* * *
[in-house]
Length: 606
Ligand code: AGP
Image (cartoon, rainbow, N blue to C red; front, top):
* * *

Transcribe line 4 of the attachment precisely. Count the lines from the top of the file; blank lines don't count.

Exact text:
Image (cartoon, rainbow, N blue to C red; front, top):